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Diabetes Mellitus 101 for Cardiologists (and Alike): 2015

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Presentation on theme: "Diabetes Mellitus 101 for Cardiologists (and Alike): 2015"— Presentation transcript:

1 Diabetes Mellitus 101 for Cardiologists (and Alike): 2015
An Aggressive Pathophysiologic Approach to Therapy of Type 2 Diabetes in Cardiometabolic Patients: The Role of Anti-Diabetes Medications in Reducing CV Risk and Outcomes in Patients with Diabetes: Diabetes Medications May be a Cardiologist’s Best Friend Stan Schwartz MD,FACP Affiliate, Main Line Health System Emeritus, Clinical Associate Professor of Medicine, U of Pa. 1

2 Natural History of ALL DM
Age Macrovascular Complications Disability IR Phenotype MI CVA Amp IGT ALL DM DEATH Blindness Amputation CRF ETOH BP Smoking Eye Nerve Kidney Disability Microvascular Complications Risk of Dev. Complications 2

3 Type 2 diabetes is increasingly prevalent
Globally, 387 million people • are living with diabetes1 At least 68% of people >65 years with diabetes die of heart disease2 Mortality risk associated with diabetes (n=820,900)3 3 Hazard ratio (95% CI) (diabetes vs no diabetes) 2 1 This will rise to 592 million by 20351 CV death All-cause mortality 1. IDF Diabetes Atlas 6th Edition Centers for Disease Control and Prevention 2011; 3. Seshasai et al. N Engl J Med 2011;364:829-41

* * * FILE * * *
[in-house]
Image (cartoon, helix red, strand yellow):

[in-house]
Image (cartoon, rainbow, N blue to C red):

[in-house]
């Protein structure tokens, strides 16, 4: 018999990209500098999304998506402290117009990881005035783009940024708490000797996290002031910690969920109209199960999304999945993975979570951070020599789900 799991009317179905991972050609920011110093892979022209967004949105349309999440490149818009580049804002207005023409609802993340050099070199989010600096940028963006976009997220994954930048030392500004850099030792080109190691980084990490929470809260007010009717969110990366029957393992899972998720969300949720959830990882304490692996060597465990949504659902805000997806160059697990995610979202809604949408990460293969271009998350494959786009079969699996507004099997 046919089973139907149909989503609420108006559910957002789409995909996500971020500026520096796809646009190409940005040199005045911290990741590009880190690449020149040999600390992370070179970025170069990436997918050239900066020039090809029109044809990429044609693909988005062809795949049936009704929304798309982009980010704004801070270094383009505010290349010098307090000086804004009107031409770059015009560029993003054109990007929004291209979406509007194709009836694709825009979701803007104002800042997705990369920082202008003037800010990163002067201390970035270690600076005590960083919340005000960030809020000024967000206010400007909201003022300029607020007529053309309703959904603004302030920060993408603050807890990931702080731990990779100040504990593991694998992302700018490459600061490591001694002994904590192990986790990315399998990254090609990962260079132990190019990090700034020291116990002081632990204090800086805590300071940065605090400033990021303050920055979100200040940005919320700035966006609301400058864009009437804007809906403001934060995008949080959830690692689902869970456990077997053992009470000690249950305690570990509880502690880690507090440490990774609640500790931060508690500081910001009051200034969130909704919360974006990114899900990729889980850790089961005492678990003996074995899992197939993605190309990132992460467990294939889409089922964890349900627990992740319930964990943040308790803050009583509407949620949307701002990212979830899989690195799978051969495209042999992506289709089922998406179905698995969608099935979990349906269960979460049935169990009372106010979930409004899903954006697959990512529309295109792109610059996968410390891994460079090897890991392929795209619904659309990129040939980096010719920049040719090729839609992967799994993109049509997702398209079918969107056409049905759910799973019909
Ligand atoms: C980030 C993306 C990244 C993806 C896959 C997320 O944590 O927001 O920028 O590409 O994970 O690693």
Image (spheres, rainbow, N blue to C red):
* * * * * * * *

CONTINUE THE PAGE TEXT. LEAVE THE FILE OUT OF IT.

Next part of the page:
4 Diabetic complications
Hyperglycemia Leads to Complications: May Be Present Prior to Diagnosis Hyperglycemia Spike (+variability) Argument for Early Discovery Pre-diabetes, Early Treatment, Determine on Hospital Admission Continuous PPG A1C Chronic toxicity Acute toxicity Tissue lesion Diabetic complications Hyperglycemia Leads to Diabetic Complications T2DM is marked by the development and progression of long-term complications. Hyperglycemia leads to acute toxicity due to postprandial glucose spikes, and chronic toxicity due to continuous elevations in glycosylated hemoglobin A1C (A1C) level, which both lead to microvascular (ie, retinopathy, nephropathy, neuropathy) and macrovascular (ie, peripheral vascular disease [PVD], myocardial infarction [MI], stroke) complications.1-3 References: American Diabetes Association. Complications of diabetes in the United States. Available at: Accessed March 22, 2006. Brownlee M. Advanced products of nonenzymatic glycosylation and the pathogenesis of diabetic complications. In: Rifkin H, Porte D, eds. 4th ed. Diabetes mellitus: theory and practice. New York, NY: Elsevier Science Publishing Co., Inc; 1990: Ceriello A. Postprandial hyperglycemia and diabetes complications: is it time to treat? Diabetes. 2005;54:1-7. Category: Hyperglycemia, Diabetes Keywords: hyperglycemia, diabetes, complications Microvascular Macrovascular Retinopathy Nephropathy Neuropathy PVD MI Stroke American Diabetes Association. At: Brownlee M. Diabetes mellitus: theory and practice. Elsevier Science Publishing Co., Inc; 1990: Ceriello A. Diabetes. 2005;54:1-7. 4 4 4

5 Diabetes is associated with significant loss of life years